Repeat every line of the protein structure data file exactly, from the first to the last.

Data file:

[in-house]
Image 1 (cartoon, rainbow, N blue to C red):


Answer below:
[in-house]
Image 1 (cartoon, rainbow, N blue to C red):